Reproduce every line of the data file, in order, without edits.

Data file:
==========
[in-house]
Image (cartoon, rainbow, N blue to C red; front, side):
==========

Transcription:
[in-house]
Image (cartoon, rainbow, N blue to C red; front, side):